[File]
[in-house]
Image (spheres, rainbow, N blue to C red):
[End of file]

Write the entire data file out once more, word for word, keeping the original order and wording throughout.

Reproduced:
[in-house]
Image (spheres, rainbow, N blue to C red):